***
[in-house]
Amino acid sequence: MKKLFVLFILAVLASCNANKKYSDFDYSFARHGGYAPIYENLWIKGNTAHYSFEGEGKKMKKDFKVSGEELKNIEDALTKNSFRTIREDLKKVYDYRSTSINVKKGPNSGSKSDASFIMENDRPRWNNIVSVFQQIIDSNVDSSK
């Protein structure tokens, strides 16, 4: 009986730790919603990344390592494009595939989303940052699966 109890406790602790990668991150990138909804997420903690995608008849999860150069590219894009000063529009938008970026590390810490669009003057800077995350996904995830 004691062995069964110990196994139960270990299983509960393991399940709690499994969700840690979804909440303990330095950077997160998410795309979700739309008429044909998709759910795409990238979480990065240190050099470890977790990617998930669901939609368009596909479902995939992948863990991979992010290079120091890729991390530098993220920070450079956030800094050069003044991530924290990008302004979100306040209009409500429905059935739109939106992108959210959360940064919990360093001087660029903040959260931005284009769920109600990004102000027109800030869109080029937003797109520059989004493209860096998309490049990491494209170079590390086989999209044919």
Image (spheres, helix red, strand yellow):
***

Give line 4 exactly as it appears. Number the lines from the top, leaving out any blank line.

Image (spheres, helix red, strand yellow):